2. There were many examples of doctors putting their interests above mine. First, the internist who first diagnosed me with terminal kidney cancer referred me to an oncologist, from whose practice I later surmised, he benefitted financially (and I suspect this is common). The oncologist, in turn, referred me to a urologic surgeon to whom, as I later discovered, he was related by marriage. The urologic surgeon provided the best evidence that not one of them was – foremost – looking out for my best interest. Since I was facing kidney removal as part of my treatment, I had read all about nephrectomy before my visit with the urologic surgeon. Let’s just say that the traditional procedure for kidney removal severs tissue, from the navel all the way around to the spine, in a way that can be most succinctly described as “the magician’s accident” that might occur just after he says, “Watch me saw this lady in half.” However, a newer and far less invasive method, laparoscopic nephrectomy, had been in use for several years and was available in the area. When I asked this particular surgeon about having this kind of surgery, he said, “Why should I have to work through keyholes?” Clearly, not to spare me from ending up with a permanently protruding bulge that results from traditional nephrectomy. God forbid he would have to inconvenience himself by staying current in his field and learning to perform procedures in a way that produce far less disfigurement. Again, I’m not trying to complain but rather explain how real I had to get when thinking about recommendations based on how much it would profit the people making them.
3. Yes, smokers are second-class cancer patients. Have you ever seen a fundraising event being held for a lung cancer patient that doesn’t include the phrase, “non-smoker?” I never have –and can’t image a jar in the minute mart with a sign that that says “Lifelong smoker with cancer needs your help – please donate.” In fact, if you ever see a fundraiser for someone with lung cancer, it will emphasize that the person is a non-smoker. It’s hard for people who’ve never been personally touched by a tendency toward addiction or compulsion to understand that not everyone can overcome their tendency toward addiction. Please pray that you will be able to have strength and compassion – for yourself or for others – to give or to receive, as needed.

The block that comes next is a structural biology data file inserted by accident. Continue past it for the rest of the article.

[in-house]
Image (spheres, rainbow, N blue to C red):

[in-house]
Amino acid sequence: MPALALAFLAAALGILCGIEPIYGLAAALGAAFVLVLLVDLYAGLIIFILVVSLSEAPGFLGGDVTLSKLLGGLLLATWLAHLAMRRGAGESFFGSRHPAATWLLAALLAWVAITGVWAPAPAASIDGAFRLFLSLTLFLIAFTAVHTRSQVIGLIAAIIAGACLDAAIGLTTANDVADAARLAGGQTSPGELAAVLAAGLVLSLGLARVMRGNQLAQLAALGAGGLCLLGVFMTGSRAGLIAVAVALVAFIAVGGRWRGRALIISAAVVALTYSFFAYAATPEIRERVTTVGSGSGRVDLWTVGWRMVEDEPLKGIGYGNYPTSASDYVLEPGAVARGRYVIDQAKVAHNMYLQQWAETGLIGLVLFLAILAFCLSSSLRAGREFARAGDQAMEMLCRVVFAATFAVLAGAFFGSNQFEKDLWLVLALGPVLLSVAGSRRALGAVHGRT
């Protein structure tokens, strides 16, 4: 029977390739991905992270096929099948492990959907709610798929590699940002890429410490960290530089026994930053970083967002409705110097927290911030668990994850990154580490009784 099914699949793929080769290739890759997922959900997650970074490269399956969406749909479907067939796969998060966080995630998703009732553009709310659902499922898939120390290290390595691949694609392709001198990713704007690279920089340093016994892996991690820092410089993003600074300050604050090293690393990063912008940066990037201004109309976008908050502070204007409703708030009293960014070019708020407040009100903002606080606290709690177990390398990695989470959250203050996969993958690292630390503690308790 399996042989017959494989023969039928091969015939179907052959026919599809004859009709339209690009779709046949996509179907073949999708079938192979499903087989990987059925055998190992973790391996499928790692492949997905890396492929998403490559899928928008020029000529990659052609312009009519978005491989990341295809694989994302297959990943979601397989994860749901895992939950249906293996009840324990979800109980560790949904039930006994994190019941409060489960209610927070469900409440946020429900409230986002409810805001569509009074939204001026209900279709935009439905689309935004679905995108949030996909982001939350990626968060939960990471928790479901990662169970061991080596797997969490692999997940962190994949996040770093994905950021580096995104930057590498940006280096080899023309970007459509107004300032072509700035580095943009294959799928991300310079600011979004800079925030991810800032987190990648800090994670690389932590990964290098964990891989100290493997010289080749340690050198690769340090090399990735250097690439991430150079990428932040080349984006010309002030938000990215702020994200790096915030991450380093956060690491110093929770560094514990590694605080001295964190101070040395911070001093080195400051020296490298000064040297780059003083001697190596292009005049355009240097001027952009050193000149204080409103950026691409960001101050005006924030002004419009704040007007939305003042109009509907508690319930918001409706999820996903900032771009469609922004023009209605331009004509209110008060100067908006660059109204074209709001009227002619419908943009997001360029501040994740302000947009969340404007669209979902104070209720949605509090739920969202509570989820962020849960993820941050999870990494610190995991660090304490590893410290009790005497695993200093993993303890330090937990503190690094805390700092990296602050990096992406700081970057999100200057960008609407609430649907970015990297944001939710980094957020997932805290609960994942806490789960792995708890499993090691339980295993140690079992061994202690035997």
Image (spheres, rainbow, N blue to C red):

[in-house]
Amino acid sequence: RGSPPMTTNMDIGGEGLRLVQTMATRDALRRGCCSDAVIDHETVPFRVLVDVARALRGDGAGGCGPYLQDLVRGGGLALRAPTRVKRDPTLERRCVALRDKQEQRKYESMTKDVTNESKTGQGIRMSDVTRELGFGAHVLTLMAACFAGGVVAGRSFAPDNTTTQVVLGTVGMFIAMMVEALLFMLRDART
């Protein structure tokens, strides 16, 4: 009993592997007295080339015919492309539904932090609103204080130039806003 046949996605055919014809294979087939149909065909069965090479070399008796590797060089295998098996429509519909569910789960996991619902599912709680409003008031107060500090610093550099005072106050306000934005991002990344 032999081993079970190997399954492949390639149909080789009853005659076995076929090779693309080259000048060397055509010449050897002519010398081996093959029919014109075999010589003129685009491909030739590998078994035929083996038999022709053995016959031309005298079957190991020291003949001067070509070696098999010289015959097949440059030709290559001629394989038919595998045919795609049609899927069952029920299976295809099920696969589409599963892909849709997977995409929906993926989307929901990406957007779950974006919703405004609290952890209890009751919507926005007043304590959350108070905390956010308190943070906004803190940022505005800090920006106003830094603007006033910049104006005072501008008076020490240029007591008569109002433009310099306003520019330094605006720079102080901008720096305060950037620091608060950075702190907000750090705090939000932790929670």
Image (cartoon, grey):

It is my prayer that anyone reading this who is experiencing a cancer diagnosis also discovers deep reservoirs of strength filled with the help of old friends, special family, compassionate doctors, attentive nurses, and the people you find through the Internet, going through what you’re going through, who become best friends you’ve never met.
Information on the origin of Valentine’s Day is quite sketchy and a bit contradictory. It can be a giddy day for new and old sweethearts. Or, it can be a day of obligatory gift giving serving mainly to spike the price of roses. It can be painful, too, for people who don’t have sweethearts or have lost them. Schoolchildren have even been known to use Valentine’s Day as a popularity contest – where the Charlie Browns among us were always left out.
Steve Marboli’s idea (see below) that embracing our humanity is one of the highest expressions of our spirituality suggests that Valentine’s Day might be a great day for random acts of spirituality.
So, why not spread the love? Today, let a smile be your Valentine – and give one to every single person you see.
Did you know it’s Get A Different Name Day? If you ever wanted to try on another name for size, today’s the day! A certain little girl I know was about four when she announced her name was now, “Rose.” Since she was born at home, her parents were oblivious to all the red tape that ended up being involved in getting her birth certificate. So, it hadn’t been all that long since they’d finally gotten around to making her and her name official anyway. As a result, her parents were very open to the idea and asked if she would like to change her name permanently. And the little girl said, “No, it’s just for a little while. I’ll let you know when I’m done.” And, a few days later, after being Rose for the duration, just like that, she was done. And a Rose by any other name does, indeed, smell as sweet.
I’ll start with the punch line: The doctors were wrong and I’m still alive.
But, they could easily have been right and the terminal diagnosis they gave me finally made me walk the walk of the philosophy that I had embraced in every major aspect of my life but one: Off and on (but mostly on) ever since I was fifteen, I had smoked. I could not possibly have done anything more antithetical to the way I lived and approached most of the rest of my life. Well, except for food but that’s another sad tale, though it does play a part in this one.
So, there I was, minding my own business, trying to see a new doctor about some middle aged menstrual hijinks I was dealing with, when the doc ordered a chest x-ray because I was smoker. Let’s call that x- ray the first domino in the cascade of medical encounters I was about to experience. It came back showing a suspicious lung nodule. The subsequent CT of the suspicious lung nodule came back showing a suspicious kidney mass consistent with renal cell carcinoma. Put the two together, the kidney mass and the lung tumor now consistent with metastatic disease, and they equal a cancer that is considered incurable.
I was told that I had six to eighteen months to live.